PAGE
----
A huge sculpture of buttocks, more than £20,000 in pennies and a "brick suit" are among the artworks at this year's Turner Prize exhibition.
The winner of the controversial contemporary art prize, now in its 32nd year, will be announced in December.
Work by the four shortlisted artists competing for the £25,000 award is on show at Tate Britain, in an exhibition which opens on Tuesday.
They include Anthea Hamilton's giant sculpture of a backside, entitled Project For A Door (After Gaetano Pesce) 2016.
Measuring around 16ft high, the piece is part of a series of "physical realisations" of images taken from the artist's archive.
"While rooted in the history of sculpture, her work engages the viewer by her humour and unexpected combinations of images, materials and words, as well as dramatic shifts in scale," Tate said.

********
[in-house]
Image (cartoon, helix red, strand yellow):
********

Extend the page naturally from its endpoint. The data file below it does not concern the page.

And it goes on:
Anthea's work also consists of a "brick suit" - a fabric suit which is camouflaged against the wall behind.
Fellow artist Michael Dean's work includes a sculpture consisting of £20,435.99 in pennies, representing "one penny below the UK poverty line for a family of four".
A model of a train entitled The New Media Express In A Temporary Siding (Baby Wants To Ride) 2016 has been installed by artist Josephine Pryde.
Helen Marten's work features handmade as well as found objects such as cotton buds and fish skins to create "poetic visual puzzles".
Turner Prize 2016 runs until January 2 2017 at Tate Britain.
The prize will be presented at Ferens Art Gallery in Hull as part of the UK City of Culture celebrations on December 5.